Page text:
Sapna Desai, CMO, ManipalCigna Health Insurance talks about the brand’s marketing initiatives, trends in the health insurance category, things to keep in mind during mergers and acquisitions, and more…
Q] What was the reason behind the joint venture partnership of Cigna TTK Group with Manipal Group? Cigna is a U.S. based company, and one of our partners from the very beginning. There were a lot of discussions over a period of time, since TTK wanted to move out. Manipal was looking at health insurance since they are into hospitals and education, and the timing was just right. Interestingly, Dr Ranjan Pai of Manipal worked at Cigna U.S. in the past and it was a natural interest.
Q] A lot of people still know the company as Cigna TTK. What are you doing to build a strong presence as ManipalCigna Health Insurance? A lot of work has gone into the positioning of the brand, its tonality, etc. There is a lot of reliability and trust around both Cigna and Manipal. Cigna is all about health financing, whereas Manipal brings the entire delivery and knowledge to the table. Most of our customers were aware of our plan to tie up with Manipal and we used this opportunity to move from reassurance to re-energizing our customers. Our PR media activities started a year back, and it was a seamless transition.
Q] How are you leveraging the synergies between the companies to achieve maximum utility for the brand’s new identity? Manipal brings in a lot of knowledge about healthcare, and we are leveraging its network of doctors and bringing that access to our customers. We are building a new website, and are doing a lot of work around quality healthcare content. As a brand, we have been focused on wellness, and have lead with that in the market. We as a brand wanted to evolve, not move. So, what’s good stays, and what’s better gets added to it. We used an onion ring approach and have added easy and lifetime access to quality healthcare, with Manipal.
Q] Tell us about some of the advertising and marketing initiatives by the brand for the name change announcement. We looked at the name change holistically. It was the entire brand transition, right from the name change, and digital stood out. We’ve engaged in an ongoing digital transformation project with E&Y to gather customer insights. We are thinking of increasing our digital, and might come up with a new film on digital. We did print and television during our initial launch, and realized that print worked favorably for us, because of its credibility, and timely impact. We are also evaluating Television - News and Sports - as we see very high spends, and value for money for the brand. We want to be very customer segment focused albeit we don’t want to go overboard and look for mediums which allow that.
Q] What are your observations in the health insurance category since the inception of the company in 2014, then known as Cigna TTK? Awareness of the category and how people think of health insurance has been a key trend. When we initially did our research, and asked people if they had insurance, 90% of them would say yes, but in their minds it would be a life insurance. From there, to people thinking about health insurance, is a big step. From a consumer viewpoint, their expectations have changed as they now want the same interaction from traditional industries like insurance, as with other categories. The Ayushman Bharat Yojana and PM Modi’s focus on health insurance have also been good for the sector.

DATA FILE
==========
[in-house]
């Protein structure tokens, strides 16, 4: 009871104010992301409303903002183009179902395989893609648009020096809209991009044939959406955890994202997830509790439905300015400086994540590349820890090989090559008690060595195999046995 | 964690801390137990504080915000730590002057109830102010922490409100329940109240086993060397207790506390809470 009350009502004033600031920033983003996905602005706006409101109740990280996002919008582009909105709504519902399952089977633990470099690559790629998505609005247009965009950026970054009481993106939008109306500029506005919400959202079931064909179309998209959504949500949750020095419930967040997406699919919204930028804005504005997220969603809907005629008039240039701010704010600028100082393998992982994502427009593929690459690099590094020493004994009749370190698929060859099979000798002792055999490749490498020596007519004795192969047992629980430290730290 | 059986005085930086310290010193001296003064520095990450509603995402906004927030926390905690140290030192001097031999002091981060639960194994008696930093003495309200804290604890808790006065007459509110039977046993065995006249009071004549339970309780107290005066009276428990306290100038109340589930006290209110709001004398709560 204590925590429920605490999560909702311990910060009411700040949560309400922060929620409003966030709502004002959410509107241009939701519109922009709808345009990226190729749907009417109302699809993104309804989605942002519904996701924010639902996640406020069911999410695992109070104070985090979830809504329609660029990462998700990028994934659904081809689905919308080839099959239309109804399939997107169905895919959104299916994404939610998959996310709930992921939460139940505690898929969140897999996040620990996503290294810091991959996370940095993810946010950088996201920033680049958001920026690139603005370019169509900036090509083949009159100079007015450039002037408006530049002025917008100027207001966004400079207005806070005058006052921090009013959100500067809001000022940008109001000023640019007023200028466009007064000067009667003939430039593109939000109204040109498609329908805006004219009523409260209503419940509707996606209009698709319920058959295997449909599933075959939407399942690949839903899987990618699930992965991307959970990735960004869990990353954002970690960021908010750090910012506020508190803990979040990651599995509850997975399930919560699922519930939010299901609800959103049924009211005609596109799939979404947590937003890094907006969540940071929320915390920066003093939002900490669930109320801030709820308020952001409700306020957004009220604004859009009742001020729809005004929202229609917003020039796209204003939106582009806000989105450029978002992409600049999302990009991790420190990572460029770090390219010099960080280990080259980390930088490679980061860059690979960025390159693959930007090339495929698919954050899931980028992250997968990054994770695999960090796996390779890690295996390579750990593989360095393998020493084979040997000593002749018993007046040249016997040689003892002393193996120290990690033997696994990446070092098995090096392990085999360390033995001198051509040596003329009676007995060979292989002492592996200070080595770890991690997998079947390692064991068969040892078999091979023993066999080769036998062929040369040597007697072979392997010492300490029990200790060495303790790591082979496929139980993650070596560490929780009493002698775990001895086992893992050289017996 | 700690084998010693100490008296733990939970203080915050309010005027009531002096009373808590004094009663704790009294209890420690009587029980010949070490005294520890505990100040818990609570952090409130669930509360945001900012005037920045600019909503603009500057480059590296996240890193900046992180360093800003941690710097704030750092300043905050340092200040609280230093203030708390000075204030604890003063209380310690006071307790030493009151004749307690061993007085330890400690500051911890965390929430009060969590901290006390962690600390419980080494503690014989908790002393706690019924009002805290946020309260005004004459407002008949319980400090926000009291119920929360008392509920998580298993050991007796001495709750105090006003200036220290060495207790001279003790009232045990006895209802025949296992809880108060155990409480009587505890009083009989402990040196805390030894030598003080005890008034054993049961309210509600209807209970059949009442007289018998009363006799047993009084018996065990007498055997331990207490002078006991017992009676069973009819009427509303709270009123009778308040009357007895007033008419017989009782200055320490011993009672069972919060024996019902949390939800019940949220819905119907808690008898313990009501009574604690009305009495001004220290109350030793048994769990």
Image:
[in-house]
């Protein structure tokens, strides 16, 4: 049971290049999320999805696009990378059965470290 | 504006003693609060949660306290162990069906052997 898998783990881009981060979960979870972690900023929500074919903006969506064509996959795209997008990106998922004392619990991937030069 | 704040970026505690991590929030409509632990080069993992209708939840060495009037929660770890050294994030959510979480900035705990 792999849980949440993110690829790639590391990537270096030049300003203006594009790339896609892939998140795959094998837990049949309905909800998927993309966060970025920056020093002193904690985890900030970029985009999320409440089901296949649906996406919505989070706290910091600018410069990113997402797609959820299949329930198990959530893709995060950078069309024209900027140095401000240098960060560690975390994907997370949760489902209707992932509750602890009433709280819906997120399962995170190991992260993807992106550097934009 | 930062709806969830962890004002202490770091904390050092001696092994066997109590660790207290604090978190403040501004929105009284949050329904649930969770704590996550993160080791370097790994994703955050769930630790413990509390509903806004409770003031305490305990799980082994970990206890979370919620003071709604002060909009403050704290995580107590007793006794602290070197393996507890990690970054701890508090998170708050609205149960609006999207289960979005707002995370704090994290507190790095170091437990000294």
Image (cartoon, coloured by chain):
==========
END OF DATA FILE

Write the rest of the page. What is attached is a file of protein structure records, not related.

Q] What is the market share of ManipalCigna, and what is the target market share? Also, which you’re your strongest growth markets, today? Our market share rose to 40% in FY-18 from 36.71%, the previous year, for standalone health insurance companies. We do not have a target market share as both Manipal and Cigna are focused more on the quality of business, and the KPI is more about growth. North has been a key market for us, followed by West and South with equal numbers. The Bombay, and the Pune belt is also getting stronger.
Q] What are the challenges that you currently face as ManipalCigna? Increasing the brand scale, and distribution at an effective cost, in order to reach the end consumer, is a challenge from a business standpoint. From a marketing point of view, the key challenge for us is the impact on customer experience and interaction, right from the time that we board a customer to the final walk.
Q] Apart from gaining new customers, what are you doing to maintain your existing customer database? That’s a very important part of our business, and we have been fairly consistent with our renewal program. We do a lot of communication with our customers through our ‘ProActiv Living Program,’ a health and wellness program, wherein customers could get up to a 20% discount on renewals. There are various parameters which give us engagement opportunities and make our customers stick with us. Insurance touch points are very limited and interactions mostly happen during claims, which is not very good. The idea is to engage with them even in good times.
Q] What do you anticipate the health insurance category to be like 5 years down the line? We are at the tipping point, and people will soon realize the importance of health insurance. With the various government initiatives, there is standardization happening on the hospital side, and delivery systems will change. The claim ratios are reasonably high in our country, but customers still feel like they’re not paid.
Q] What should a marketer focus on, when dealing with M&A? A lot of details and backup plans. If you do a good amount of planning of what can go wrong, you will be less paranoid about things not falling in place. The entire organization needs to look at it from a project management point of view and people from across functions should be a part of this project. It’s all about creating champions for each stakeholder and metrics across the organization.